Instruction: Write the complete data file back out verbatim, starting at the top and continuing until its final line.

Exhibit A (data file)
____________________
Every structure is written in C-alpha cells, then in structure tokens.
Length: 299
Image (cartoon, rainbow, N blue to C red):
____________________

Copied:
Every structure is written in C-alpha cells, then in structure tokens.
Length: 299
Image (cartoon, rainbow, N blue to C red):